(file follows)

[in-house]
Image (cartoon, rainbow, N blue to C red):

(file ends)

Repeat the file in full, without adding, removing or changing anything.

[in-house]
Image (cartoon, rainbow, N blue to C red):